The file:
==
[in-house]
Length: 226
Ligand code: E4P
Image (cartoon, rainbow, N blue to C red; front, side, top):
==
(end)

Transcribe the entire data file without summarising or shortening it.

[in-house]
Length: 226
Ligand code: E4P
Image (cartoon, rainbow, N blue to C red; front, side, top):